The Chateau Montelena 2012 Sauvignon Blanc at $28 was next.  It was a light straw in color with mostly lemon on the nose with some floral notes.  On the palate I got lemon, grapefruit, lime and some tropical fruits in a style that was well balanced but emphasized fresh fruit.  It was pleasant and very accessible.  If you find some Sauvignon Blancs to be too dry, austere or acidic, you might really like this one.  It was more California in style than French.  Nice.

Chateau Montelena private tasting table

There have been some years when I have liked the Chateau Montelena regular release Cabernet almost as much as their Estate, but that was not the case this time.  This Chateau Montelena 2011 Cabernet Sauvignon sells for $53 and is quite good and reasonably priced.  It is 91.5% Cabernet Sauvignon, 8% Merlot and 0.5% Cabernet Franc.  It was aged for 14 months in French and "Eastern European" oak with 27% of this being new oak.  It was deep red in color, and I got mostly red cherry with floral notes on the nose.  On the palate I got mostly red fruits, cherry, some raspberry and a touch of toast.  It was well balanced, smooth and very drinkable, with good acid, soft tannins and a medium length finish.  This is a Cab that you will probably not want to cellar but can enjoy immediately.  Very easy to drink.

Chateau Montelena garden

I've been visiting Chateau Montelena for many years and don't recall ever tasting one of their Cabernet Estate releases that I didn't love.  At this visit we tasted the Chateau Montelena Estate 2010 Cabernet Sauvignon which sells for $150.  It is 98.75% Cabernet Sauvignon and 1.25% Cabernet Franc and was aged for 22 months in French oak with 29% of this new oak.  It was deep red and purple in color with mostly black fruit, rather than red fruit, on the nose.  On the palate I got mostly black cherry with some blackberry and black currant with some baking spices and good, lively acid.  Tannins were well integrated.  Finish was medium plus to long in length with some spice.  Although this is quite drinkable now, it should cellar very nicely and continue to improve with age.  Highly recommended.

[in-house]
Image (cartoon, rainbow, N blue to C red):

Chateau Montelena Jade Lake

Last year a fellow who worked with the San Francisco 49ers wrote to me asking if I could recommend a Napa Valley winery where he might propose to his fiancĂ©.  He wanted one that was open without an appointment, where the setting was lovely and he might find some privacy.  After discussing this with him, I ended up recommending Chateau Montelena, with its beautiful Chinese garden and pond.  Whenever we visit we like to walk around the pond and through the gardens.  It is one of those wineries to enjoy even if you don't drink wine.  It is a winery we often recommend to others.

Chateau Montelena pagoda tasting

Chateau Montelena Winery
1429 Tubbs Lane
Calistoga, CA 94515
(707) 942-5105(707) 942-5105
Date of this current review: April 8, 2014
Date of  last review : November 23, 2011 

Chateau Montelena Jade Lake

Tuesday, March 11, 2014

Stag's Leap Wine Cellars Revisited

If you love great Cabernet Sauvignon, you really must visit Stag's Leap Wine Cellars. They are a famous, quintessential Napa Valley premium winery that is especially noted for their wonderful Cabernet Sauvignon. I first visited them around 1975 just before they made such a sensation in the "Paris Tasting of 1976" when their 1973 Cabernet Sauvignon from three year old vines scored more points than any other red wine, including some very famous first growth French Bordeauxs such as Chateau Mouton-Rothschild and Chateau Haut-Brion.  This was a blind tasting with French wine experts, and the results caused a sensation. On the twentieth anniversary of this event in 1996, a bottle of this famous Stag's Leap Wine Cellars 1973 Cabernet Sauvignon was placed in the Smithsonian Museum.

Stag's Leap Wine Cellars building